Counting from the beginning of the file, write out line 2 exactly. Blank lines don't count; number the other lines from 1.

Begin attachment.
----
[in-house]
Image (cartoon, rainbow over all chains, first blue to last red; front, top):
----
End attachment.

Image (cartoon, rainbow over all chains, first blue to last red; front, top):